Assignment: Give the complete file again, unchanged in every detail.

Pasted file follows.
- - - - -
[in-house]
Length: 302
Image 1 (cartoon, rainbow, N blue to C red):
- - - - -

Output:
[in-house]
Length: 302
Image 1 (cartoon, rainbow, N blue to C red):